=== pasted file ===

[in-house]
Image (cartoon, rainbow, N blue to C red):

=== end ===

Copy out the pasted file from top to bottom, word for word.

[in-house]
Image (cartoon, rainbow, N blue to C red):